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Marker Drawings and Hand Embroidery, The Rage for Brands that Make their Garments Authentic Works of Art


Marker Drawings and Hand Embroidery, The Rage for Brands that Make their Garments Authentic Works of Art

Some collaborate with artisans on specific collections and others are led by non-fashion artists who use clothing to support their creativity. All succeed under the increasing interest in unique, special, and exclusive garments.

"Buy a special garment that is more than just clothes." Following her own wishes as a consumer, María de Miguel, founder of the Spanish firm EMES, decided to launch a limited edition cardigan embroidered by Raquel Ezquerro a few months ago., an artisan who has worked for firms such as Delpozo.

The design, a simple cardigan full of eights imitating those of a jacket that María herself had inherited from her grandmother, thus became a small work of art. “We were inspired by old botanical prints to create a special piece to wear and keep lovingly for years. A garment that future granddaughters could see as 'grandmother's pretty jacket' just as it happens to me with mine ”, says the designer.

The reception was better than I expected: they sold out the first production in less than a week and did several pre-order reruns (on request). "Even today they keep asking us about it and this fall it will be available again," explains De Miguel.

That idea, that of transcending the utilitarian function of clothing to turn it into a collector's item, into small art pieces that instead of decorating a wall beautifying the body itself, is inspiring many other brands. This is the case of the also Spanish Datta, a firm recognizable for its timeless pajamas and garments always in white. Its founders, Ingrid Pratmarsó and Ana Torner came up with the idea of putting their shirts in the hands of the illustrators and artists Marina Siero and Krystel Cárdenasso that they would make that "blank canvas" support for their art.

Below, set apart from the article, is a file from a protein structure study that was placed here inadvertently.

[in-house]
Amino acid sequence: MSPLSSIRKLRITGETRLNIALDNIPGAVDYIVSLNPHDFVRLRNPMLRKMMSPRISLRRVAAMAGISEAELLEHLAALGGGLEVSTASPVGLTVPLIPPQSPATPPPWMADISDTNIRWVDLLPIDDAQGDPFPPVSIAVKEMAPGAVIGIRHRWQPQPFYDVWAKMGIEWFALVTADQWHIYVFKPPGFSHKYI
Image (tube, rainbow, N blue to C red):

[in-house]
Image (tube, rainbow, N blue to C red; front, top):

“The process was more exciting than Twelfth Night. When we saw the pieces for the first time we were very excited. Not because of the garments themselves, which too, but because of the beautiful energy that we creative between Datta, Marina, and Kystel ”, they confess. Interested in creating a network of women who share references, values, and tastes, the Datta micro collection reinforces the concept that fashion can sometimes be art.

 "They are very unconventional pieces, very whimsical." Other national labels such as La Casita de Wendy follow the same trail in capsule collections made to order.

 Although the interest in garments made and/or customized by hand had already been growing since before the pandemic, the new scenario is still further fostering interest in clothing that reinforces the feeling of craftsmanship, respect for the environment or individuality. 

Thus, at a time when a Bode shirt created from old remnants is more coveted than a bag full of logos for depending on which consumers, more and more brands are trying to join forces with artists and artisans or even It is those same artists who dare to try their luck painting fabrics instead of canvases.

This is the case of Juliet Johnstone, a painter from Los Angeles who, without training in fashion, has made style icons such as Bella Hadid, Dua Lipa, or Kendall Jenner sigh for her pants full of hand-painted flowers and butterflies.

It all started when people stopped her on the street to ask her about the Carhartt overalls and the custom-made Dickies pants that she used to wear to work. During the pandemic began publishing some of those creations in her Instagram account and one day the model Bella Hadid gave like.

The rest is history. Johnstone sent her some hand-painted pants, Hadid photographed herself wearing them on her Instagram account and, since then, there have been nudges - digital, since she only sells online - to get one of the drops or limited collections that she launches weekly. "I never thought I would be a designer and I'm still learning how to be," she explains to S Modavia email. “I think that in a world full of fast fashion, quality, sustainable and 1/1 pieces [that is, only one model of each design is produced and no two are alike] take center stage.

For example, my personalized pants allow clients to collaborate with me by choosing which colors and elements they like the most and from there I work on the design ”, he tells of some“ always cheerful ”creations that are inspired by a visit to the florist that on a concert poster from the seventies.


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